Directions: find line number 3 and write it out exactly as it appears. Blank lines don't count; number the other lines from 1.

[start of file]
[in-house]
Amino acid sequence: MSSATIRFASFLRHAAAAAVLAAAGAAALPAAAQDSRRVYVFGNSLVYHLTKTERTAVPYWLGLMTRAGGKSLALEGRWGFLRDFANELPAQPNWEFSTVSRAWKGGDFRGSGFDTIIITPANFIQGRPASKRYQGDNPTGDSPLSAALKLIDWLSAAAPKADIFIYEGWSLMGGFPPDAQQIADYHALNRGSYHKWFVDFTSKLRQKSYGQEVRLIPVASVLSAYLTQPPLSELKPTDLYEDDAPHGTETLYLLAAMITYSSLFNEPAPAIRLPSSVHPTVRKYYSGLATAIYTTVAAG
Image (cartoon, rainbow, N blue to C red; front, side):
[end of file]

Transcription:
Image (cartoon, rainbow, N blue to C red; front, side):